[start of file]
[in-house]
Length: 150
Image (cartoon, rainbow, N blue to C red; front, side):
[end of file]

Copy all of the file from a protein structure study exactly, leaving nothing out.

[in-house]
Length: 150
Image (cartoon, rainbow, N blue to C red; front, side):